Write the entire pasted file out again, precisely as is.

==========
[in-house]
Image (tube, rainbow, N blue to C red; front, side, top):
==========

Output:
[in-house]
Image (tube, rainbow, N blue to C red; front, side, top):